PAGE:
Nitin Jain, MD, discusses the preliminary results of a study investigating allogeneic chimeric antigen receptor T-cell therapy with lymphodepletion in patients with relapsed/refractory B-cell acute lymphoblastic leukemia.
Nitin Jain, MD, associate professor in the department of leukemia at The University of Texas MD Anderson Cancer Center, discusses the preliminary results of a study investigating allogeneic chimeric antigen receptor (CAR) T-cell therapy with lymphodepletion (LD) in patients with relapsed/refractory B-cell acute lymphoblastic leukemia.
The phase 1, open-label, dose-escalation BALLI-01 study (NCT04150497) was designed to determine the safety, tolerability, and maximum tolerated dose of UCART22, an off-the-shelf allogeneic CAR T-cell product. Previous trial cohorts used an LD regimen of fludarabine and cyclophosphamide. In the cohort discussed by Jain, patients received reduced levels of chemotherapy and a modified LD regimen that also included alemtuzumab (Lemtrada) to more effectively deplete T-cells and ensure CAR T-cells can expand and persist in the body longer.
The primary end points were adverse events [AEs], serious AEs, and dose-limiting toxicity. According to Jain, 12 patients were treated, but 1 could not receive the CAR T-cell infusion. Two out of 6 who received the modified LD were evaluated had a bone marrow blast reduction to below 5%, demonstrating early clinical activity of CAR T-cell therapy. Mild to moderate cytokine release syndrome (CRS) was observed in 3 patients, while 1 patient had skin graft-vs-host disease (GVHD) that required hospitalization and none experienced immune effector cell-associated neurotoxicity syndrome (ICANS) or UCART22-related grade 3 or higher AEs.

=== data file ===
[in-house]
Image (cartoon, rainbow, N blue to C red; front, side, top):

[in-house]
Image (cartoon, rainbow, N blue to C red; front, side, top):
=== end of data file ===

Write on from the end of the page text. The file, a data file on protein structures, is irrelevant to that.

The early results showed promising tolerability and efficacy for the modified LD regimen. Jain says that the next dose level will give patients a higher dose of CAR T cells with the same LD regimen.
0:08 | Overall, we have treated 12 patients on the study, and 11 patients got the drug. One patient could not get the CAR T [-cell] infusion. So, [an] important point is that when we have intensified the LD by adding alemtuzumab, but by cutting down on the chemotherapy dose, we added alemtuzumab. But with this modified LD, we are seeing the activity of the CAR [T-cells] in terms of more CAR T persistence, or at least we are seeing CAR T expansion. And then some of these patients are having clinical responses. As I said, 2 out of 6 patients had a bone marrow blast reduction in less than 5% range after getting the UCART22.
So in terms of the CRS and ICANS, which are the important aspects of CAR T, 3 patients had [AEs]:  of the 6 patients had CRS, grade 1 or 2 CRS…no patient had ICANS, and there's 1 patient who had skin GVHD, which can also occur with this allogeneic product, but this was easily manageable. So overall, I think the data points to that with this modified LD, we are achieving what we wanted to achieve. We're seeing more CAR T expansion; we are seeing some early results of clinical activity. And now what we have done is that the trial is ongoing, and the next dose level, which is dose level 3, is currently accruing patients at a higher CAR T dose level with the same LD, and we'll have to see how that pans out.